2. The Committee asked itself whether it is acceptable that an opinion to be issued is influenced by its potential consequences for decisions in other cases. The Committee resolved that such influence cannot be accepted, save cases where special circumstances apply, since allowing such influence would be impossible to justify to the applicant concerned.
  3. The Committee then asked itself how to deal with the circumstance that certain facts can no longer be traced, that certain information has been lost or has not been recovered, or that evidence can no longer be otherwise compiled. On this issue the Committee believes that, if the problems that have arisen can be attributed at least in part to the lapse of time, the associated risk should be borne by the government, save cases where exceptional circumstances apply.
  4. Finally, the Committee believes that insights and circumstances which, according to generally accepted views, have evidently changed since the Second World War should be granted the status of nova (new facts).

Special considerations

  1. The applicant is acting on behalf of herself and her mother, Mrs A.C. Koenigs-Hers, both being heirs of Mr Franz W. Koenigs, the grandfather of the applicant.
  2. The Committee has taken note of the request dated 8 May 2003 from Mr W.O. Koenigs, the son of F.W. Koenigs and the uncle of the applicant, requesting that the application for restitution of the Koenigs collection be rejected.
  3. The applicant is seeking restitution to Koenigs’ heirs of 37 drawings and 34 paintings, which are part of the Dutch national art collection. With the exception of the painting Cadmus sowing dragon’s teeth by Rubens, which has been in the Rijksmuseum collection in Amsterdam since it was donated in 1961, all of these works of art belong to the NK collection of works of art recovered after the war.
  4. It has been determined in respect of the majority of these works of art – 37 drawings and 28 paintings (categories 1, 2 and 3 in the Report) – that they belonged to the former collection of Franz Koenigs. This could not be established in respect of six paintings – those described in the Report as category 4. The
    applicant and the Committee are in agreement that this category should be considered separately.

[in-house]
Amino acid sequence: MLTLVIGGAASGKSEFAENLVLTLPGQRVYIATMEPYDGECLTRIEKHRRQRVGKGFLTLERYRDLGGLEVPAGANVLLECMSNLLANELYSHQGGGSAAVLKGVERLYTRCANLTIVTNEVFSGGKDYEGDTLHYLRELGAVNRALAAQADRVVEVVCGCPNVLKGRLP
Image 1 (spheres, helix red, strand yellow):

5. The Committee therefore concludes that there is insufficient basis to issue advice in respect of the paintings in category 4 (NK 1915, NK 2075, NK 1848, NK 3577, NK 3387 and NK 2071). Consequently the remainder of this document does not concern the objects in category 4.
  6. The following circumstances, which are described in the Report, are of prime importance in the assessment of the loss from the estate of the 37 drawings and 28 paintings that belonged to the Koenigs collection. Monetary measures came into force in Germany in 1931, as a result of which Koenigs, who was resident in the Netherlands, no longer could dispose of his assets in Germany. In order to rectify his resulting financial problems he took out a loan in agreements dated September 1931 and June 1935 from the (Jewish) bank Lisser & Rosenkranz, the director of which, Mr Kramarsky, was a good friend of his. He pledged or transferred (fiduciary) ownership of his art collection as security for the loan. Although the Committee was not able to determine the exact content of the
    agreements between the parties, it is sufficiently clear that the agreement provided Koenigs with money in return for which the bank was entitled to sell the collection and subtract the amount owed to it from the proceeds if Koenigs did not repay the loaned amount when it became due. The loan had a term of five years from June 1935 and repayment would also be due if the bank went into liquidation.